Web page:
Want to try it yourself? These crops all need full sun, so reserve a sunny part of your garden just for them. These are warm-season crops—corn seed will actually rot in wet, cold soil—so wait to plant until at least two weeks past your last predicted frost, when the soil has warmed to between 55 and 65 degrees F. Once you’ve prepared your plot or bed, our friend Ben suggests making hills with ample shovelfuls of compost and/or well-rotted manure, or a generous application of balanced organic fertilizer. We’re not talking about trivial hills here, either—you want a circle 4 or 5 feet across. Pile several inches of soil back over the compost or fertilizer, making a mound or “hill.” If you want to grow several hills, perhaps showcasing different varieties in each, space hills 3 to 4 feet apart and mulch between them.

Now, time to plant. Sow squash or pumpkin seed 1 to 2 inches deep in the center of your hill, 2 seeds per hill. (Tip: Soaking squash seed in compost tea for 15 minutes before planting will help prevent disease.) Plant your corn seed 1/2 inch deep and 4 to 6 inches apart around the perimeter of the hill. Once the corn germinates and grows 3 to 4 inches tall, you can thin it to a foot apart. Then sow bean seeds around each corn stalk, planting them 1 to 2 inches deep; thin to one plant per corn stalk once they’ve emerged and are growing strongly. Make sure your Three Sisters receive an inch of water from rain or irrigation each week while they’re growing. Remember that corn and squash are hungry crops, so side-dress them with compost, kelp meal, or balanced organic fertilizer and/or spray the foliage of your corn and squash plants with compost tea or liquid seaweed once a month while they’re growing and the crop is maturing. Once corn and squash are mature, stop fertilizing and cut back on the water so your crops can cure, i.e., dry down for harvest.

As noted, our friend Ben would hate to waste all this effort on ordinary garden-variety crops. If I’m going to plant a Three Sisters garden with a Native American theme, I’d like to grow some colorful Native American crops in it. Here are just some of the options: ‘Hopi Blue’, ‘Hopi Pink Flour’, ‘Hopi Chinmark’, ‘Anasazi’, ‘Taos Pueblo Blue’, ‘Parching Lavender Mandan’, ‘Parching Red Mandan’, ‘Supai’, ‘Oaxacan Green’, ‘Black Aztec’, ‘Dakota Black Popcorn’, ‘Rainbow Sweet Inca’, ‘Seneca Mini Indian’, ‘Escondida Blue’ corn. ‘Hopi Pale Grey’, ‘Seminole Pumpkin’, ‘Hopi Cushaw’, ‘Tohono O’odham “Ha:I”‘,  ‘Taos’, ‘Navajo Hubbard’, ‘Pacheco Pumpkin’, ‘Pipian from Tuxpan’, ‘Silver Edged’ winter squash and pumpkins. ‘Chaco Canyon’, ‘Scarlet Runner’, ‘White Dwarf Aztec’ runner, ‘Cherokee Trail of Tears’, ‘Tarahumara Dark Purple’, ‘Hopi Yellow’ lima, ‘Christmas Pole Lima’ bean. Go for color and history, I say! You can find these heirlooms and many others at seed sources like Baker Creek Heirloom Seeds (www.rareseeds.com), Native Seeds/SEARCH (www.nativeseeds.org), and Seed Savers Exchange (www.seedsavers.org).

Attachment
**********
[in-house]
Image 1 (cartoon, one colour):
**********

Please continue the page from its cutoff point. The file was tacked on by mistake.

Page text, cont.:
Want to make your Three Sisters garden even more fun for kids? Reserve a corner and grow a bean teepee. “Plant” stripped, unbranched saplings or tall, sturdy bamboo poles in a circle, teepee-fashion, leaving a foot between each pole and a 3-foot opening in front for a “door.” Tie the poles together at the top or use one of the plastic circles with pre-punched holes that makes creating a teepee-style trellis easier. Then plant ornamental bean vines up each pole.

Here are some of our friend Ben’s top choices for a bean teepee: ‘Scarlet Runner’ beans produce gorgeous scarlet sweet-pea-type blossoms and edible beans, and one runner bean, ‘Painted Lady’, has bicolored red-and-white flowers. ‘Christmas Lima’ has gorgeous red-and-white lima beans, but the plant itself is not as decorative as a runner bean, so if you grow them, you might mix in one or two for the “bean factor.”

Or go for the gorgeous and plant purple-flowered hyacinth beans (Lablab purpureus, aka Dolichos lablab), which also have purplish leaves and stunning bright purple pods. ‘Moonshadow’ is a classic cultivar. You can tell the kids that Thomas Jefferson grew hyacinth beans in his garden at Monticello! (Don’t eat this one, though. While young pods are considered edible, older pods and mature beans may be poisonous. Better safe than sorry!)

Another option: Give the kids the thrill of a lifetime and plant some yard-long beans. ‘Chinese Red Noodle’, ‘Taiwan Black Seeded’, and ‘Red-Seeded Asparagus’ are just three of the amazingly long-podded (up to 3 feet, as their name implies) varieties to choose from, and ‘Chinese Red Noodle’ has brilliant red pods! The tender pods are great when stir-fried.

What to plant around your teepee? How about some colorful native New World flowers like nasturtiums, zinnias, marigolds, nicotiana, petunias, and/or dwarf sunflowers? These cheerful annuals will enjoy the full-sun conditions every bit as much as your beans, even if the kids need to take some shade breaks inside the teepee. Since some of the older nasturtium varieties are vining, you can even grow them up the poles with your beans for a doubly colorful effect, along with those other native Americans, morning glories. Don’t forget that you can harvest nasturtium buds, leaves, and flowers for salads, too, if you can bring yourself to reduce the floral show!